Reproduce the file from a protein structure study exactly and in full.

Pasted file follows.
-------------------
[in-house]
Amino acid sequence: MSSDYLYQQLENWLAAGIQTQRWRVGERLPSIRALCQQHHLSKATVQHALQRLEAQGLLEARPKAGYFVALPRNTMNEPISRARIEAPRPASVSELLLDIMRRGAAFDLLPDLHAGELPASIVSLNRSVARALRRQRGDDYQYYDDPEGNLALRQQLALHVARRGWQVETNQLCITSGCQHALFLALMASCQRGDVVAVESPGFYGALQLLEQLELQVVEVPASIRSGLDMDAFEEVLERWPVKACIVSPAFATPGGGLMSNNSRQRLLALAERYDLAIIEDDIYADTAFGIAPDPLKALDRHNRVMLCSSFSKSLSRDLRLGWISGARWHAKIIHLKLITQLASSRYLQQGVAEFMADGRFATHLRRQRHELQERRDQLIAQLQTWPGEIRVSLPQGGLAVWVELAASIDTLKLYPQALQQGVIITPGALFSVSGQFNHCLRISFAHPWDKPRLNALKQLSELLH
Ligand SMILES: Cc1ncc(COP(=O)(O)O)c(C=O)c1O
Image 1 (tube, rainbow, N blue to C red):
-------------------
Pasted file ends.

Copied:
[in-house]
Amino acid sequence: MSSDYLYQQLENWLAAGIQTQRWRVGERLPSIRALCQQHHLSKATVQHALQRLEAQGLLEARPKAGYFVALPRNTMNEPISRARIEAPRPASVSELLLDIMRRGAAFDLLPDLHAGELPASIVSLNRSVARALRRQRGDDYQYYDDPEGNLALRQQLALHVARRGWQVETNQLCITSGCQHALFLALMASCQRGDVVAVESPGFYGALQLLEQLELQVVEVPASIRSGLDMDAFEEVLERWPVKACIVSPAFATPGGGLMSNNSRQRLLALAERYDLAIIEDDIYADTAFGIAPDPLKALDRHNRVMLCSSFSKSLSRDLRLGWISGARWHAKIIHLKLITQLASSRYLQQGVAEFMADGRFATHLRRQRHELQERRDQLIAQLQTWPGEIRVSLPQGGLAVWVELAASIDTLKLYPQALQQGVIITPGALFSVSGQFNHCLRISFAHPWDKPRLNALKQLSELLH
Ligand SMILES: Cc1ncc(COP(=O)(O)O)c(C=O)c1O
Image 1 (tube, rainbow, N blue to C red):